This post was cross-posted on The Asexual Agenda.
I've seen many arguments over demisexuality over the years, and I've
seen many people say that demisexuals aren't an oppressed group.
Defenders of demisexuality generally use two strategies. The first is
to talk about a few problems experienced by demisexuals. The second is
to argue that even if demisexuals are not oppressed, it is still a
useful label. The second strategy was seen in SlightlyMetaphysical's post earlier, but can be seen in much older articles as well.
my last queer conference, I attended a caucus for queers in STEM
(science, technology, engineering, mathematics). One person I talked to
there just couldn't think of a single issue he personally dealt with as
a queer in STEM. That's okay! There are some intersecting identities
that just don't have that many issues, and there are some individuals
who for whatever reason avoid the issues experienced by others in the
same minority group. But a queer STEM community can still be useful,
because it gathers people with similar interests. I think communities
are great, why do we even need an excuse to create one?
I'm trying to draw these threads together, and apply them to ace identity.
know that it is distasteful to compare the marginalization experienced
by different groups of people, because this often results in dismissing
smaller problems, as if only large problems were worth solving. But we
all basically know that aces tend to experience less
marginalization than, say, transgender people. This clearly doesn't
imply that we should ignore ace problems, but what does it imply?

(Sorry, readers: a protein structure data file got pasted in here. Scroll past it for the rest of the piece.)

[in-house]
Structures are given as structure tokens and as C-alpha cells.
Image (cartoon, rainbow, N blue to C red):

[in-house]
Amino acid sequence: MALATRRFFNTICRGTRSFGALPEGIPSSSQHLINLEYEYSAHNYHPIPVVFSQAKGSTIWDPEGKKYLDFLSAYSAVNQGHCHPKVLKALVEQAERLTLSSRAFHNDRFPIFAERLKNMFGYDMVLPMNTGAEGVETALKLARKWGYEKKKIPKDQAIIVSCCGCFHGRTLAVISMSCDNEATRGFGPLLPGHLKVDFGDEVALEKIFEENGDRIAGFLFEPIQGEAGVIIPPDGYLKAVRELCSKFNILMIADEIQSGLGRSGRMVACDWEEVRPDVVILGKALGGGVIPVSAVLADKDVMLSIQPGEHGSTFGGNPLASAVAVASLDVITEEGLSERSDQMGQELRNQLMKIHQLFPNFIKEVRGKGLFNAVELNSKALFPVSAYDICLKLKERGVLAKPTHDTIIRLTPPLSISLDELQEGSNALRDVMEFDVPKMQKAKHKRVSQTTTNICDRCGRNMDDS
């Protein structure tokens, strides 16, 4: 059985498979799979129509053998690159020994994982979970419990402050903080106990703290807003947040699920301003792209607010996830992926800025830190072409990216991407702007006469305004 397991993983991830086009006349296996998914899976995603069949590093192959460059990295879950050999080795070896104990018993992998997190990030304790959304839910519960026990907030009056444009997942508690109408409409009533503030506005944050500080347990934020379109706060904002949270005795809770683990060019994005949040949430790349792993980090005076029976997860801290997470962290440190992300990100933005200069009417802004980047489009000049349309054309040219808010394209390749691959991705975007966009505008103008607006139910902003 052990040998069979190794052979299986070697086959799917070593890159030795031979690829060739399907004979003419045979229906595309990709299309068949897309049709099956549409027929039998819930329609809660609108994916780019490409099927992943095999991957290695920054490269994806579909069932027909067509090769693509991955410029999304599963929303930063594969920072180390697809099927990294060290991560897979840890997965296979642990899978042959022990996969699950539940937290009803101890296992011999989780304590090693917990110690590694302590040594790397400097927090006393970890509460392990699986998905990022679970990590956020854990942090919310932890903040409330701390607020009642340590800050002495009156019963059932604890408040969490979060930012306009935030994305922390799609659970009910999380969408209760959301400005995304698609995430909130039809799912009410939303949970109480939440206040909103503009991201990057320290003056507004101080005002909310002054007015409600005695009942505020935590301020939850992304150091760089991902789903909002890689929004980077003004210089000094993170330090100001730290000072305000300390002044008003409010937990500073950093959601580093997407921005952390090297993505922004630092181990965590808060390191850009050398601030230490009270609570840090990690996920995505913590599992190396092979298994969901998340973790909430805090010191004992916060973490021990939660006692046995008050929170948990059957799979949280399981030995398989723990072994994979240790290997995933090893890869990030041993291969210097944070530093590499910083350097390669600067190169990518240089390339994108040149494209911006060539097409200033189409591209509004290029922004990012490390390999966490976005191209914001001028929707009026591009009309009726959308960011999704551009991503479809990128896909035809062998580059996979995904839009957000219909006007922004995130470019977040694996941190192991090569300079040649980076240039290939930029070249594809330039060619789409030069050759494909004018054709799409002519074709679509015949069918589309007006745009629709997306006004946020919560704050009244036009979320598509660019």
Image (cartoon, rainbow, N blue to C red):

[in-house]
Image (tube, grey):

think it means we can relax a bit. We don't need to focus so much of
our discussion on the problems we face, or how to solve those problems.
We can also talk about our favorite cakes, exchange our favorite
webcomics, geek out over our favorite sexuality models. We can discuss
the ups and downs of social networks, organize outings, find partners.
can spend some time helping other people, especially other sexual
minorities. I've heard many a complaint from queer folk that "allies"
are too demanding and unhelpful. It's an unfortunate consequence of
allies not having much personal investment in queer issues. But if
you're ace and identify as queer, the personal investment is there. You
spent all that time researching and educating yourself about the ins
and outs of asexuality, you can do the same for other sexual
minorities. I consider it damn near a moral obligation.
advantage is that we can be ourselves! We often talk about the "gold
star asexual", who has all their personal characteristics arranged in
such away that no one can deny their asexuality. We all feel pressure
to conform to that gold star image, lest you cause people to doubt
asexuality, and you hurt your fellow aces. But if we recognize that the
stakes are low, that takes some of the load off. I'd like more people
to recognize and affirm ace identity, but I feel confident that we will
eventually achieve widespread public awareness. So while we're at it,
we might as well be ourselves, and not pressure ourselves to conform to a
Of course, I don't mean to dismiss or minimize the
problems faced by many aces. Having your identity denied and erased is
not a trivial thing. It leads to some very real consequences.
But let's recognize that one of the negative consequences is that
sometimes it makes us tense, as a community. It is okay to relax as
well. There are situations where we as a community don't face
many problems, and there are individuals who for whatever reason
actually have it pretty good. When you have problems, recognize them
and fight them! When you don't have problems, enjoy it for what it is.
of how marginalized we are, this community is still useful, and still
meaningful. And the great thing is, when people do face problems, we
can instantly convert to a support group as necessary.